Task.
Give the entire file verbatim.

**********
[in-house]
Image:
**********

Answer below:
[in-house]
Image: